Maryland Passes Statewide Balloon Release Ban
Ocean City, MD


The Coastal Resources Legislative Committee or Green Team is a group focused on protecting the resources of the Town of Ocean City. They also gather information on the specified actions of the Sustainable Maryland Certified Program to keep Ocean City Certified Sustainable.

In simplest terms, sustainability is living in a way that allows the needs of the current and future generation to be met. This means the current generation is using their resources in a way that ensures they will not run out or be destroyed for the upcoming generation.

The UN World Commission on Environment and Development defines sustainable development as “development that meets the needs of the present without compromising the ability of future generations to meet their own needs.”

The UCLA Sustainability Committee in its charter defines sustainability as “the integration of environmental health, social equity and economic vitality in order to create thriving, healthy, diverse and resilient communities for this generation and generations to come. The practice of sustainability recognizes how these issues are interconnected and requires a systems approach and an acknowledgement of complexity.”

“You may never reach the zero in zero waste, but that’s no reason to take zero action.” Living more sustainably is about reducing the negative environmental impact we as humans have on the Earth. Some changes may work better for where you are currently in life than others. It’s about collectively being more mindful and trying our personal best to be more eco-friendly.

Use water wisely: Water is something we all need, and there are so many ways to use it wisely. Fixing leaky faucets, doing full loads of laundry and dishes, and taking slightly shorter showers help prevent wasted water. Rain barrels and washing your car in the rain are ways water can be reused.

Reduce your food waste: Planning meals and grocery lists in advance can help prevent wasted food and save you money too. Learning to love leftovers also stops the amount of food that ends up in the trash. The last leftover food scraps can be composted, which can be used to revitalize the soil that helps our food and other vegetation grow.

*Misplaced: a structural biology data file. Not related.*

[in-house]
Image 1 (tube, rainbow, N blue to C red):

Shop at local farmer’s markets: Buying local not only helps the farmers, but it also reduces the amount of carbon emitted into the air by tractor trailers and other transportation vehicles since the food does not have to travel as far to get from farm to plate.

Be an eco-savvy shopper: Before making a new purchase, consider a few things...

Does the product test on animals, come from ethically sourced materials, and/ or is energy star certified?

Is this something you need brand new, or can you purchase it second hand from a thrift store, internet marketplace, or from someone you know?

Is this something you really need?

These considerations can help save you money in the long run and reduce the number of resources that are used to make new products.

  • Cars burn fossil fuels, which pollute the air and contributes to the warming climate and the resulting environmental detriment. Choosing to walk on the boardwalk and side streets and utilizing the bike and bus routes of the Town of Ocean City are all alternative means of transportation that are more environmentally friendly. This EPA article contains more information about the impact of burning fossil fuels and ways to reduce them:

The Town of Ocean City offers various opportunities to get involved in the environmental effort:

Beach Heroes- OC holds weekly cleanups every Tuesday from 9 a.m. to 10 a.m. at various locations throughout the town. Updates on their cleanups can be found on the calendar or on the Beach Heroes- OC Facebook page.

  • The Ocean City Surf Club (OCSC) is an environmental nonprofit organization that gives back to the Delmarva area through scholarships for the youth, educational programs, cleanups, and other environment-centered programs. To learn more about the OCSC and the volunteer opportunities offered visit their website at

The Maryland Coastal Bays Program (MCBP) is a National Estuary Program that receives EPA funding to restore and protect “estuaries of National significance.” Through events, education, restoration, outreach, and science the MCBP is working towards that goal. Throughout the year, the program offers a variety of programs and events where volunteers are needed. For more information, visit

Assateague Coastal Trust (ACT) is the Waterkeeper Alliance program for the coastal watershed of lower Delmarva that works to fight for the community’s right to fishable and swimmable water. ACT offers Coast Kids, membership, and volunteer opportunities. If you’re interested in getting involved, visit ACT’s website here: